“It was really important for me to make sure that this was not seen as a gimmick. We’re all learned musicians. We’re all brilliant instrumentalists, we’re just deciding to make music together with just women.

“I just wanted my colleagues to have a safe space to explore music, to explore themselves and to discuss these ‘situations’ in the music business … So, it’s become like group therapy for women in jazz.”

Legacy project

Crowster is also mindful of the young girls out there, who, like her, need these nurturing spaces.

“The Lady Day Big Band is essentially a legacy project,” she said. “Another reason I started the band is because I wanted to create something that little girls who love playing music and are instrumentalists can look up to and aspire to be part of … The idea is to have a revolving roster of musicians coming through, constantly evolving.”

Many of the women who joined the band have since hived off to start their own projects where before, they haven’t had the courage or felt safe to do so. Sustainability and empowerment are key, said Crowster.

“I just want to make sure I can be part of that and take people from grassroots level, from where they are, and help them to grow and grow and grow. Because it’s not cool to say, here, here’s some money, go and get some lessons. There are all kinds of other things [needed], like mentorship.”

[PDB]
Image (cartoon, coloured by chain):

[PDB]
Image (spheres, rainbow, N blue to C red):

The business of music

There’s also the business side of the passion, which she discovered early.

Crowster has made good on plans to develop sound business thinking among local musicians. Talent is one part, the tip of the iceberg; the other is about the hard graft of making it work and making a sustainable living.

“I just want to help these kids because I went through a lot of things growing up in terms of being a musician and being a woman musician. They were really unnecessary. I look back and I know if somebody had said that … or warned me about that … I wouldn’t have gone that route.”

A few years back Crowster started teaching ‘the business of music’ to the UCT South African College of Music’s fourth-year students. She also conducted workshops for those planning to make careers in music, presenting at the University of KwaZulu-Natal, and the South African School of Motion Picture Medium and Live Performance (AFDA) – a school that offers film, television, performance, business innovation and technology, radio and podcasting courses.